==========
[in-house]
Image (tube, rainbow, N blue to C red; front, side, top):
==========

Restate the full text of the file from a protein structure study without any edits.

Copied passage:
[in-house]
Image (tube, rainbow, N blue to C red; front, side, top):